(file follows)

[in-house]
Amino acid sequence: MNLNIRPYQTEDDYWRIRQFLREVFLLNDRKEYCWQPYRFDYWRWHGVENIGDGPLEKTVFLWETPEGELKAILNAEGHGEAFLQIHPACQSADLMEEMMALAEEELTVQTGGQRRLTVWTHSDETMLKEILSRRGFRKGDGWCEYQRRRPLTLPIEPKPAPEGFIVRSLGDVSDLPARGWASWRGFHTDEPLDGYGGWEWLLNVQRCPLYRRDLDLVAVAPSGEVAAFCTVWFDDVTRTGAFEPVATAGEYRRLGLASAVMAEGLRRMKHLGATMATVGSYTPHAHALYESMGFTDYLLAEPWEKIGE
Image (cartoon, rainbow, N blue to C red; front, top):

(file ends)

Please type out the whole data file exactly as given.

[in-house]
Amino acid sequence: MNLNIRPYQTEDDYWRIRQFLREVFLLNDRKEYCWQPYRFDYWRWHGVENIGDGPLEKTVFLWETPEGELKAILNAEGHGEAFLQIHPACQSADLMEEMMALAEEELTVQTGGQRRLTVWTHSDETMLKEILSRRGFRKGDGWCEYQRRRPLTLPIEPKPAPEGFIVRSLGDVSDLPARGWASWRGFHTDEPLDGYGGWEWLLNVQRCPLYRRDLDLVAVAPSGEVAAFCTVWFDDVTRTGAFEPVATAGEYRRLGLASAVMAEGLRRMKHLGATMATVGSYTPHAHALYESMGFTDYLLAEPWEKIGE
Image (cartoon, rainbow, N blue to C red; front, top):